Much good had come to Florence since the dim time of struggle between the old patron and the new: some quarrelling and bloodshed, doubtless, between Guelf and Ghibelline, between Black and White, between orthodox sons of the Church and heretic Paterini; some floods, famine, and pestilence; but still much wealth and glory. Florence had achieved conquests over walled cities, once mightier than itself, and especially over hated Pisa, whose marble buildings were too high and beautiful, whose masts were too much honoured on Greek and Italian coasts. The name of Florence had been growing prouder and prouder in all the courts of Europe, nay, in Africa itself, on the strength of purest gold coinage, finest dyes and textures, pre-eminent scholarship and poetic genius, and wits of the most serviceable sort for statesmanship and banking: it was a name so omnipresent that a Pope with a turn for epigram had called Florentines ‘the fifth element.’ And for this high destiny, though it might partly depend on the stars and Madonna del Impruneta, and certainly depended on other higher Powers less often named, the praise was greatly due to San Glovanni, whose image was on the fair gold florins.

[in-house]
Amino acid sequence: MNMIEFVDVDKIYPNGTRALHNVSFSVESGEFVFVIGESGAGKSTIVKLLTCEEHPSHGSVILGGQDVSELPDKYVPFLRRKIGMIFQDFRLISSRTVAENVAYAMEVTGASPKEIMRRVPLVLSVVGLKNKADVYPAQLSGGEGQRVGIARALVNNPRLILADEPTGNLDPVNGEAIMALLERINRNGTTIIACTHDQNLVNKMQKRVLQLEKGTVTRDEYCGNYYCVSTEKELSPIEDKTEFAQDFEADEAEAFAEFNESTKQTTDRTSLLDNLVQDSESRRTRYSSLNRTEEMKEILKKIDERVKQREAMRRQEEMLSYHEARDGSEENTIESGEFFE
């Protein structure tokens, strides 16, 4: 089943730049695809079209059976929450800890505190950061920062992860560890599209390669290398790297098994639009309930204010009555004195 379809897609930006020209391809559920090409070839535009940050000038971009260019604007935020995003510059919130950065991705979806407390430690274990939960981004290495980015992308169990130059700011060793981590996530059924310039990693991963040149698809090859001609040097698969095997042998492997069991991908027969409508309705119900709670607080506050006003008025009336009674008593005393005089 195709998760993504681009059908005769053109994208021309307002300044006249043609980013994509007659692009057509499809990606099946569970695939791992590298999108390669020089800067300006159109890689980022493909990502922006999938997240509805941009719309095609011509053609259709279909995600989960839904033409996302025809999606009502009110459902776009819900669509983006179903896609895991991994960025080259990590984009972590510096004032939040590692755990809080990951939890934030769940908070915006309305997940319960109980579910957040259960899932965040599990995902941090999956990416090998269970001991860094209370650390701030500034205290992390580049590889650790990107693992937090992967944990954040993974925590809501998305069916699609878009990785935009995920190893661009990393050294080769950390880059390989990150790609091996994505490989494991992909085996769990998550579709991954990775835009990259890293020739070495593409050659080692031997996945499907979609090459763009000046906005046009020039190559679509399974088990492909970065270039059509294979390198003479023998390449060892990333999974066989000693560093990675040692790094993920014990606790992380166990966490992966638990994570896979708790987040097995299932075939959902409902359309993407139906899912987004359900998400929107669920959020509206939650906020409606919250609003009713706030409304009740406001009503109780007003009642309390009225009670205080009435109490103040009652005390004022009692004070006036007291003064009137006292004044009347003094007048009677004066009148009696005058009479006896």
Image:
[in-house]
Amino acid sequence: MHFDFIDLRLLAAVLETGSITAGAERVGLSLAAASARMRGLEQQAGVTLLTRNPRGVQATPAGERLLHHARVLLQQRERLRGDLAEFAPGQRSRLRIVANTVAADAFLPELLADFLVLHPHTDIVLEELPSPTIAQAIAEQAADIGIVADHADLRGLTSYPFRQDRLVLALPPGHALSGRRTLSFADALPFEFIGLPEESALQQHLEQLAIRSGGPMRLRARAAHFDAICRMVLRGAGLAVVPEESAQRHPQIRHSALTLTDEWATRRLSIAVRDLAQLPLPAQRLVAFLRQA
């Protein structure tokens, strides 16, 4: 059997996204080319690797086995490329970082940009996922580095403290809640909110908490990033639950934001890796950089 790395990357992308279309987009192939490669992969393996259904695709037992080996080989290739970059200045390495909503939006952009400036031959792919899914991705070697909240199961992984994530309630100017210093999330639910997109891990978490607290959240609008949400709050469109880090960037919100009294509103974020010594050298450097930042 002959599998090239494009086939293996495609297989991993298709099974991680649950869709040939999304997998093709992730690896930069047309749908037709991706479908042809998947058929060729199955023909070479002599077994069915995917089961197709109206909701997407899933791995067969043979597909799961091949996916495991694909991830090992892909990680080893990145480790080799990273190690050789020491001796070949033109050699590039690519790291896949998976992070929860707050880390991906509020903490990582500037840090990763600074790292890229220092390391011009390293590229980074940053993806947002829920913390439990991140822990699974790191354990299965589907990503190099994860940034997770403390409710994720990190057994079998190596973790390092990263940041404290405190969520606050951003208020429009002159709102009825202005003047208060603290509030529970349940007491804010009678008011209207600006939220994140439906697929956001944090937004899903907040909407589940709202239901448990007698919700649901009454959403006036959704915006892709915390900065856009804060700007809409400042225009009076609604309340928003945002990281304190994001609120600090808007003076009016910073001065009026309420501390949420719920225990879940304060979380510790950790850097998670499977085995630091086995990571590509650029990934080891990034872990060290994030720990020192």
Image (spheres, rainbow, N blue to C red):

Therefore it was fitting that the day of San Giovanni — that ancient Church festival already venerable in the days of St Augustine — should be a day of peculiar rejoicing to Florence, and should be ushered in by a vigil duly kept in strict old Florentine fashion, with much dancing, with much street jesting, and perhaps with not a little stone-throwing and window-breaking, but emphatically with certain street sights such as could only be provided by a city which held in its service a clever Cecca, engineer and architect, valuable alike in sieges and in shows. By the help of Cecca, the very saints, surrounded with their almond-shaped glory, and floating on clouds with their joyous companionship of winged cherubs, even as they may be seen to this day in the pictures of Perugino, seemed, on the eve of San Giovanni to have brought their piece of the heavens down into the narrow streets, and to pass slowly through them, and, more wonderful still, saints of gigantic size, with attendant angels might be seen, not seated, but moving in a slow mysterious manner along the streets, like a procession of colossal figures come down from the high domes and tribunes of the churches. The clouds were made of good woven stuff, the saints and cherubs were unglorified mortals supported by firm bars, and those mysterious giants were really men of very steady brain, balancing themselves on stilts, and enlarged, like Greek tragedians, by huge masks and stuffed shoulders; but he was a miserably unimaginative Florentine who thought only of that — nay, somewhat impious, for in the images of sacred things was there not some of the virtue of sacred things themselves? And if, after that, there came a company of merry black demons well armed with claws and thongs, and other implements of sport, ready to perform impromptu farces of bastinadoing and clothes-tearing, why, that was the demons’ way of keeping a vigil, and they, too, might have descended from the domes and the tribunes. The Tuscan mind slipped from the devout to the burlesque, as readily as water round an angle; and the saints had already had their turn, had gone their way, and made their due pause before the gates of San Giovanni, to do him honour on the eve of his festa. And on the morrow, the great day thus ushered in, it was fitting that the tributary symbols paid to Florence by all its dependent cities, districts, and villages, whether conquered, protected, or of immemorial possession, should be offered at the shrine of San Giovanni in the old octagonal church, once the cathedral and now the baptistery, where every Florentine had had the sign of the Cross made with the anointing chrism on his brow, that all the city, from the white-haired man to the stripling, and from the matron to the lisping child, should be clothed in its best to do honour to the great day, and see the great sight; and that again, when the sun was sloping and the streets were cool, there should be the glorious race or Corso when the unsaddled horses, clothed in rich trappings, should run right across the city, from the Porta al Prato on the north-west, through the Mercato Vecchio, to the Porta Santa Croce on the south-east, where the richest of Palii, or velvet and brocade banners with silk linings and fringe of gold such as hecame a city that half-clothed the well-dressed world, were mounted on a triumphal car awaiting the winner or winner’s owner.